Last year, Daniel Dietch upgraded his Surfside, Florida home’s energy efficiency by replacing his roof and adding solar panels. Rather than paying for the project up front or taking out a loan, Dietch used a PACE service to finance his project.
PACE, or property-assessed clean energy, allows residential and commercial property owners to finance renewable and more efficient energy solutions in homes and businesses.
Dietch, the mayor of Surfside, remembers when PACE programs were first starting in the Bay Area of California, where he lived at the time. Officials there were looking for ways to bring affordable energy solutions to property owners.
Rather than footing the bill up front or taking out a loan, the property owner can finance a project through PACE and make payments on the bill once a year, when the property owner pays his or her property taxes. Typically, projects are financed through 10 to 20 year repayment periods.
“It allows people to access capital they might not otherwise have access to,” Dietch said.
On Feb. 9, the Alachua County Board of Commissioners unanimously voted to sign another PACE provider to Alachua County. In addition to the previously signed Ygrene Works, Renew Financial (formerly EcoCity Partners) was signed to do business in Alachua County through an interlocal agreement.
The two companies still have to finalize forms with the tax collector’s office before services to residents can begin, but that should be done within a couple of months, said Sean McLendon, assistant to the county manager.
“Our community is eagerly waiting for the pen to hit paper,” he said.
Amy Elliott is an account manager for Renew Financial.
“PACE is available for any improvement that provides energy efficiency improvements, renewable energy, water efficiency and wind mitigation improvements,” she said.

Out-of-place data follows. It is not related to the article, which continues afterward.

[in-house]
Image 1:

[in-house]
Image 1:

These improvements can range from large appliances to solar panel systems. In addition to covering energy solutions, it can also include storm-defense additions, such as high wind-resistant windows and stronger roofs for defense against hurricanes.
In order for a property owner to use PACE, he or she must first discuss his or her needs with Renew Financial or Ygrene. Then, the chosen provider will hire an approved contractor to do the work.
Not everyone is a fan of the program, however.
The biggest opponent of PACE is the Federal Housing Finance Agency, which claims the program violates some mortgage agreements, like Freddie Mac and Fannie Mae. The biggest claim is if property is sold or transferred, the debt will be tied to it automatically.
Joe Spector, vice president of operations at Ygrene Works, said that isn’t true. The debt tied to PACE programs can be paid off by the property owner before transfer.
PACE services and renewable energy activists are constantly working with the FHFA trying to make the program more accessible and widely-accepted.
“How can we coexist happily?” asked Spector.
With the addition of Alachua County, PACE services continue to spread through Florida, attracting more communities to allow services within their borders.
The framework for Alachua County’s PACE agreement can be found here.